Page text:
Tuesday 15 January 2013

The starkness of the streets

The Greek Statistical Association reported that during 2011, 40,000 more Greeks joined those living below the poverty line, bringing the total to 3.4 million - 1/4 of the population. According to Eurostat figures Greeks have seen their living standards drop by 17% in the last three years - the biggest drop in the Eurozone.

Over 1000 people lose their jobs daily; unemployment is more than one million which is one quarter of the workforce while youth unemployment has reached 58%. Those who are working have seen their income drop by 30% since 2009.

The government has been reluctant to pass reforms that would hit the wealthy. Instead it has cut social programmes and welfare by 40%,

Nowhere is this more obvious than in the streets. The rise in prostitution, drug users and HIV has been phenomenal.  The European Centre for Disease Prevention and Control has reported an increase of 1,500% in the instances of HIV infections due mainly to the scrapping of needle exchange programmes.  At the same time the Therapy Centre for Dependent Individuals (KETHEA) has had its budget cut from 24 million to 16 million and a cut in staff of 15%. There are an estimated 25,000 drug users in Greece.

Walking around the centre of Athens you can see users injecting with impunity in full view of passers by. There are whole streets and areas where users lie on the ground, totally 'out of it', and these streets have become no-go areas for the majority of the population. Tositsa Street, in the vicinity of the Epigraphical Museum as well as the National Museum is such a case in point.

I don't like taking photographs of people who are suffering in the streets. I was so overcome by what I saw last time we were in Metaxourgeio however that I could not help myself.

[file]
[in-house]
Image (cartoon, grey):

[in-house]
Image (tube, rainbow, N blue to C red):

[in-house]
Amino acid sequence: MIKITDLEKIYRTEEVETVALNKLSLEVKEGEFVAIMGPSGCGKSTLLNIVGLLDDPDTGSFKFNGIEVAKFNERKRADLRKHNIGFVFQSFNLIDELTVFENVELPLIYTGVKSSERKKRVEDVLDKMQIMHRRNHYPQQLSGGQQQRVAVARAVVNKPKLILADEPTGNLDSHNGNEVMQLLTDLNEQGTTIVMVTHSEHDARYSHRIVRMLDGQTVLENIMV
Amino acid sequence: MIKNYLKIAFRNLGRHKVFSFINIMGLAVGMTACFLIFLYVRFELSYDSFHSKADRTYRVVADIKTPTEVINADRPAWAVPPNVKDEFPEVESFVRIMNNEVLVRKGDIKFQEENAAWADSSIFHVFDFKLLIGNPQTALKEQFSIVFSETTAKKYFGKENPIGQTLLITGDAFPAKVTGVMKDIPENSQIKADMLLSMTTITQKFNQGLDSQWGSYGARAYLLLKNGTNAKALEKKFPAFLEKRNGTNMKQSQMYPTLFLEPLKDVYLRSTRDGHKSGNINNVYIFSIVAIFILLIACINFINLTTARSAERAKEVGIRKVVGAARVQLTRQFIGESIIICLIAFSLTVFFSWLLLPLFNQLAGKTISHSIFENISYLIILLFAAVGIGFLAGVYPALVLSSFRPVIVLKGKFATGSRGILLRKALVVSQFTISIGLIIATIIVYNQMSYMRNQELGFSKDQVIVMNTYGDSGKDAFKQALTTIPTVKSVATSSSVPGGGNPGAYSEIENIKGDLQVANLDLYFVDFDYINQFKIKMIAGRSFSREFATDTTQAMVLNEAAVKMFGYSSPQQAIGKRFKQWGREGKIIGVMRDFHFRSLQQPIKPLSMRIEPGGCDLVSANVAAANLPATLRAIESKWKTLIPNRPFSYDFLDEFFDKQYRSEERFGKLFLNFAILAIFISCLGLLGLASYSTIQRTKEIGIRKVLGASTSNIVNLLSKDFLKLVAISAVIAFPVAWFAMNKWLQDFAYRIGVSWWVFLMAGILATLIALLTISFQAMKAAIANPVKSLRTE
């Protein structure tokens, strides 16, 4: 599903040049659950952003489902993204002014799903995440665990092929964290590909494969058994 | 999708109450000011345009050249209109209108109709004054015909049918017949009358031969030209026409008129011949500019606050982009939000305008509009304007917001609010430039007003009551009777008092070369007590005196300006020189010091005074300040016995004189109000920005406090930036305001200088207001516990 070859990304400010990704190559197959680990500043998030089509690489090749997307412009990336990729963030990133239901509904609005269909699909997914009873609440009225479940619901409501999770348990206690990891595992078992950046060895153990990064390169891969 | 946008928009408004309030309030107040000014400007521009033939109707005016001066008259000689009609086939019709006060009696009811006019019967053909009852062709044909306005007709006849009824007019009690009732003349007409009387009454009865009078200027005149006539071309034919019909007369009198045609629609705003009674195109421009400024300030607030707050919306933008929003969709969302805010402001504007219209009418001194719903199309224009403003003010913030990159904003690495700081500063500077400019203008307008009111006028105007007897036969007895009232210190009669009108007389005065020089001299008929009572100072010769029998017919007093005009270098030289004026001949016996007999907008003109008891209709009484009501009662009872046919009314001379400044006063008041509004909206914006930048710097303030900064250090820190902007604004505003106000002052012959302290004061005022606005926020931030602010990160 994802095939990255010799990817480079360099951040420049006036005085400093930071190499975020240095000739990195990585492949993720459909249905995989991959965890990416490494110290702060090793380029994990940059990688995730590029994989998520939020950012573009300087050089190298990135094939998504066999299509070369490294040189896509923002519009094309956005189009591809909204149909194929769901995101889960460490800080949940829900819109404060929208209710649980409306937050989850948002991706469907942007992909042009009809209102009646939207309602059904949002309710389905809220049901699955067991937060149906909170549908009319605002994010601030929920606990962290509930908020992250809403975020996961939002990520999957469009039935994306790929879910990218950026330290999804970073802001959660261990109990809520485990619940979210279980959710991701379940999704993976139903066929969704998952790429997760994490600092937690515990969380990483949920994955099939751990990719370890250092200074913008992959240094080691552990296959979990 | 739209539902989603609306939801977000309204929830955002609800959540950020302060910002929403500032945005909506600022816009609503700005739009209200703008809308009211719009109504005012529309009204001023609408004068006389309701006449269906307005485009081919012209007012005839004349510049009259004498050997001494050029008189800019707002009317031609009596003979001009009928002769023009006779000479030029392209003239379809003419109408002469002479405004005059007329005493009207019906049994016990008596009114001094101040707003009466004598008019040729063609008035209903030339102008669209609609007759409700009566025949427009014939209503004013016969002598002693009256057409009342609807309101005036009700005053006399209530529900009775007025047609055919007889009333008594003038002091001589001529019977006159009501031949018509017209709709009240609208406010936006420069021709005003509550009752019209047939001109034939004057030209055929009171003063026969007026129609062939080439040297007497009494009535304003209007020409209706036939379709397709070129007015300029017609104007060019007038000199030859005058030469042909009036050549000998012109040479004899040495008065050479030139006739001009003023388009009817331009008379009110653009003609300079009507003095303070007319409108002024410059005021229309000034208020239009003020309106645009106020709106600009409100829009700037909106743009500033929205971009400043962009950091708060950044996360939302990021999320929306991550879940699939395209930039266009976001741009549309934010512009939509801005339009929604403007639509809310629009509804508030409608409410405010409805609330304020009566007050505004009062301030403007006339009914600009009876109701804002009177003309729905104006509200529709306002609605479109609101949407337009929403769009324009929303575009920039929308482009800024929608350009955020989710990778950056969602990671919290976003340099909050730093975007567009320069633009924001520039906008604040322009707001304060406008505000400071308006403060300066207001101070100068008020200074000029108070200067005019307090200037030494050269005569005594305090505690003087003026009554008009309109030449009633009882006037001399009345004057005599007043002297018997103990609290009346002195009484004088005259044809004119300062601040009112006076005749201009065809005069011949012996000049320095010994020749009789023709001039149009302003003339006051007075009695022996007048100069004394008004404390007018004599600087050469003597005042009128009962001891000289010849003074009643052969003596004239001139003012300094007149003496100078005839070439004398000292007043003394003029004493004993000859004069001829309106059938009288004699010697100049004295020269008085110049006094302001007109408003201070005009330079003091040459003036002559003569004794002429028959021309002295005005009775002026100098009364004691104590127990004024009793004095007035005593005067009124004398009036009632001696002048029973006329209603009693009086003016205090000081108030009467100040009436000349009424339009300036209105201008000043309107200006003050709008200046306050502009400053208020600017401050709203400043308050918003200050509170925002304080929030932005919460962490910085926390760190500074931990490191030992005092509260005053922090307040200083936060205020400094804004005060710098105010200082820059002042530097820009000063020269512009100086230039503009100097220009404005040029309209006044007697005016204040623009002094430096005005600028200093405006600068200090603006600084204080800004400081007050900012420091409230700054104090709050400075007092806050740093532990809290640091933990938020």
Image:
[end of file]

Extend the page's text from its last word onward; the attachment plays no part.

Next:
I just tried to make sure that no faces were visible.

Seeing this young woman literally in the gutter, broke my heart.

There is such a sense of abandonment in some areas that it is unbearable.

More women are turning to prostitution in order to support their families as unemployment is especially high amongst women. More women in the sex trade and falling incomes mean that 'clients' now pay between 2 and 15 euros and sex workers are forced to agree to sex without condoms so that they can get a higher price. As in most parts of the world, in order to be able to do this job they take drugs so that they can bear  it, and consequently increase their risk of contracting HIV.

Unable and unwilling to help people, the government is trying to blame groups and turn people against each other. When the alarming rise in HIV cases was disclosed in May, officials tried to blame sex workers who were rounded up and forced to have HIV tests. When dozens tested positive, the attack was swift and vindictive: photographs and the names of those who tested positive were posted online by the police. They were then charged with causing bodily harm and locked in jail. Some websites posted the photographs of the women and within days vigilante mobs assembled outside the homes of the women's families shouting abuse.

26 of the women who were arrested remain in jail. They insist that they did not know they were HIV positive but no one is listening and no one cares.